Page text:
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(the rest of the story)

I cannot explain to you in words just how excited I was when I heard that a real mommy and a daddy were coming to take me, and Beulah Gillman away from that terrible orphanage. At last, I would finally have someone who would love me, and buy me toys and nice things. Maybe even have a dog of my very own.

I ran up the front staircase of the Children's Home Society Orphanage in Jacksonville, Florida and dressed as fast as I could. Then I ran into the large bathroom, climbed up onto a wooden stool and began brushing my teeth with my finger and soap from the soap sock.

This was the happiest I had ever been in my entire life. Even though I was only 7 years old, had great big ears just like "Dumbo the Elephant" and scars on my face, someone still wanted to take me home to live with them. It was a wonderful, wonderful, feeling.

I could hardly believe that all of this was happening. Beulah and I were placed into the great big black car and all the people at the orphanage home were taking pictures of us. I was laughing, and jumping up and down in the back seat. Everyone was waiving at us and smiling. All the other boys and girls were looking out the windows of the dormitories and they all looked real sad. Some were even crying, 'cause I was leaving them forever.

I'll never forget leaving those big white gates and all those big tall wire fences behind as we drove away. I don't think Beulah was very happy about getting a mommy and daddy of her own. She just kept holding onto my arm, and I just kept on hugging her and telling her that we would have our own house real soon, but all she did was cry. Finally we got to our new home. Boy! What a great big house it was too, just like a great big house sitting on top of another great big house. It was like a mansion house or something with a great big yard.

I was surprised when we started to eat supper out in the back yard. More people showed up and started taking pictures of us eating all these big meat steaks. One man even had a movie camera and was making a movie of all of us laughing and having lots of fun. I stood up on the table bench and made a funny face for the man doing the movie. Then he asked me to go and sit on the woman's lap and let him film me with my new mommy. Then the man asked me to sit on his shoulders and he rode me around like I was a cowboy riding a horse. We sure had lots of fun that day. But finally night came and when everyone left, we were taken inside and given a bath in a tub. I had never had a bath in a tub before, just in a shower stall back at the orphanage. That was a real good night. We said our prayers and I thanked Jesus over and over for giving me a new big home. Oh yeah and for a new mommy and daddy! Beulah didn't say much. She just cried most of the night.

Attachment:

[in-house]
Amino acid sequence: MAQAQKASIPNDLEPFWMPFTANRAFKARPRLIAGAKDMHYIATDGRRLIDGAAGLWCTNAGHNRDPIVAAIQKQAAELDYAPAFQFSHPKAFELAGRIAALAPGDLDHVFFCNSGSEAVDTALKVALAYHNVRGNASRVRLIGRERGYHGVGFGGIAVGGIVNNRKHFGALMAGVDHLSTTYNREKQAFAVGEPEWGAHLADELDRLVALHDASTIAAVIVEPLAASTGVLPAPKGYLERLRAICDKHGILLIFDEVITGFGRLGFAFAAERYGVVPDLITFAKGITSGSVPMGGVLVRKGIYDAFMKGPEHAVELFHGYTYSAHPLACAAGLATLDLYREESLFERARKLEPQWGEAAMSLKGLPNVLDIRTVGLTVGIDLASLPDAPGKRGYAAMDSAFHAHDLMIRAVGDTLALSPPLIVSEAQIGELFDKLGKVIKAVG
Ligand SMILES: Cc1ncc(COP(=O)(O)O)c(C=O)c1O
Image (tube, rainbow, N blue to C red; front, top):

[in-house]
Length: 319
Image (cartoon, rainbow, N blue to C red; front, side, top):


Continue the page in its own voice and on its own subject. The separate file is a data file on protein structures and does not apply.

The next morning, we had a big breakfast with all kinds of food and real milk too. Not that warm white, power stuff like we had to drink at the orphanage. After breakfast, my new daddy told us that we all had to go somewhere together, so off we went for a ride in his car. I could hardly believe it when I saw him driving back into the orphanage gates. I asked him why were back at the orphanage. He told me that Beulah and I would have to pack our "personal stuff" and then he would come back to get us later that afternoon.

I waited for him to come back, but he never did. Everyday for weeks, which turned into months and then years, I would watch the big white gates to see if I could see his car coming to get us. But he never did. I never could figure out why he never came back. At first I thought it was because Beulah cried all the time. Then I thought it might be because I jumped up on the table when the man was doing the movie of all of us. This all happened about 47 years ago. Beulah Gillman died several months ago, a grandmother of eight, still living somewhere in Jacksonville, Florida. Today, I received the following letter from Beulah "Cookie" Gillman's relatives. "Roger, thank you so much for responding so quickly. I read your book over the weekend and my heart goes out to you and all the children that were tortured in that Hell Hole! I did want to ask you though, the boys that left you at the school with the goldfish, did you ever find out where they went or hear from them again?

Also, Willette, Cookies daughter, said that when Cookie was about 5 or 6 you and her did a commercial about adopting foster children. Do you remember that? If so, do you remember where and when it was? Willette wants to try and track down the tape. Also, was there anyone who wrote the girls’ side of this story? I look forward to hearing from you again and thank you for your writing your book "Orphan."

I never knew, until I received the above letter, that it was all just "a commercial." All these years, I lived secretly thinking that I was not good enough to be adopted by those people.

As Paul Harvey always says: “Roger, now you know the rest of the story.”

Roger Dean Kiser, Sr.
Copyright © Roger Dean Kiser, Sr. All rights reserved

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